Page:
Mario Draghi: Turkey’s Helper?
This is Part 2 of a two-part series on Turkey’s crisis and the implications for Europe. In Part One, Getting More Defensive in European Portfolios, we identified the WisdomTree Germany Hedged Equity Fund (DXGE) and the WisdomTree Europe Hedged Equity Fund (HEDJ) as two ETFs that may help minimize European financial sector risk, specific bank risk from the four institutions that hold Turkish debt in size, and currency risk.
Turkey’s President, Recep Tayyip Erdogan, may find a four-leaf clover in the form of an implicit bailout from European Central Bank (ECB) president Mario Draghi.
According to the Bank for International Settlements, Spanish, French and Italian banks own $83.3bn, $38.4bn and $17bn of Turkish paper.1 The banks with exposure include ING (Netherlands), BBVA (Spain), BNP Paribas (France) and UniCredit (Italy). In looking at the latter four eurozone banks, we found WisdomTree ETFs tracking European stocks all have lower exposure to them than MSCI EMU (European Monetary Union), with some of our European funds holding none of those 4 banks at all.
Refugees as a Political Weapon
Our minds are on the 3.5 million Syrian refugees in Turkey. Erdogan can gain leverage on Europe by threatening to send them westward, which would increase voter support for hardline immigration hawks such as Matteo Salvini, the nativist power broker in Italy. Draghi, a Europhile, knows that an exacerbation of the migrant crisis threatens the European Project.
Using the refugees for negotiating leverage, Erdogan can demand debt haircuts. If so, that would seemingly come hand-in-hand with Draghi attempting to push the euro down to help European competitiveness amid bank balance sheet headline risk. Remember, all four banks in question were hanging by a string during the Lehman and Greek crises.
In other words, we think Draghi is going to surprise the market not by being “hawkish,” as some are predicting, but by doing the opposite: being dovish, bringing pain to long euro bets while maybe even pleasantly surprising European equities.
How That Happens
The ECB currently is on pace to end its €30 billion-per-month bond purchase program (which used to be €60 billion) in just a few months. The Wall Street consensus is that there is a 1-in-3 chance that the central bank will hike its policy rate in 2019’s second half. We think the probability is lower.
Figure 1 shows the pecking order of national risk in Europe using five-year credit default swaps (CDS). The safe domiciles in northern Europe are priced as low as .09%, meaning that it costs about $9,000 per year to insure against default of $10 million of government bonds. In contrast, CDS for riskier Italy would be $242,000 per year for $10 million of sovereign bonds.
Of the banks that are on the radar—ING, BNP Paribas, BBVA and UniCredit—two are in the big-risk countries (Spain and Italy).
Figure 1: Five-Year Credit Default Swaps, Sovereign Debt, USD
Figure 2 shows the country exposures of the seven WisdomTree European equity Indexes that have ETFs tracking them, along with the MSCI EMU Index. At the bottom is the weighted-average CDS prices of the component nations. The equity Indexes that are tracked by DXGE, EUDG (the WisdomTree Europe Quality Dividend Growth Fund) and HEDJ currently have low weighted-average CDS prices of 0.11%, 0.25% and 0.30%, respectively. For comparison, the weighted-average CDS prices for nations in the MSCI EMU Index are a riskier 0.41%.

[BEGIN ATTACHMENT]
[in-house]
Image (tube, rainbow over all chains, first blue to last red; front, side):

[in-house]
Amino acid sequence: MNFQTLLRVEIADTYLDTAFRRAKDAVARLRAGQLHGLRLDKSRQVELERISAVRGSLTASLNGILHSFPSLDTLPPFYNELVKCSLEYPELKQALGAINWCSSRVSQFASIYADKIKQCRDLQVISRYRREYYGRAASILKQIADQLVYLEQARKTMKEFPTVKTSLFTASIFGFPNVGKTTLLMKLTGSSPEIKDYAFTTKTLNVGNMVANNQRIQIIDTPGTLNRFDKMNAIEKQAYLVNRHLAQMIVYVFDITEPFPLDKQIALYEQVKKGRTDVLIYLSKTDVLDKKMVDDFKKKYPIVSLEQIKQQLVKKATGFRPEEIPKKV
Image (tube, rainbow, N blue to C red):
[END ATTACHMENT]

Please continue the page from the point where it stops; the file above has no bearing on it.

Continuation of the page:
Figure 2: European Equity Country Weights + Weighted-Average 5-Year CDS Prices
Of the seven WisdomTree ETFs for Europe (above), the ones with no exposure to the four banks are: EUDG (European quality dividend growth), DXGE (Germany, currency-hedged), WisdomTree Europe Hedged SmallCap Equity Fund (EUSC) and one we haven’t mentioned yet, the WisdomTree Europe SmallCap Dividend Fund (DFE). The MSCI EMU Index currently has more exposure to the four risky banks than every one of our ETFs, not just these ones.
The WisdomTree ETFs that have lower Financials sector weights than MSCI EMU are: EUDG (European quality dividend growth), DXGE (Germany, currency hedged) and HEDJ (exporters, currency hedged).
The lowest country risk ETFs as gauged by sovereign credit default swaps are: DXGE (Germany, currency hedged), EUDG (multifactor) and HEDJ (exporters, currency hedged).
1Source: Silvia Amara, “If Turkey Implodes, Here’s Who Else Gets Hurt,” CNBC, 8/10/18.
Important Risks Related to this Article
There are risks associated with investing, including possible loss of principal. Foreign investing involves special risks, such as risk of loss from currency fluctuation or political or economic uncertainty. These Funds focus their investments in Europe, thereby increasing the impact of events and developments associated with the region which can adversely affect performance. Dividends are not guaranteed and a company currently paying dividends may cease paying dividends at any time. Investments in currency involve additional special risks, such as credit risk and interest rate fluctuations. As these Funds can have a high concentration in some issuers, the Funds can be adversely impacted by changes affecting those issuers. These Funds invest in the securities included in, or representative of, their Index regardless of their investment merit, and the Funds do not attempt to outperform their Index or take defensive positions in declining markets. Please read each Fund’s prospectus for specific details regarding the Fund’s risk profile.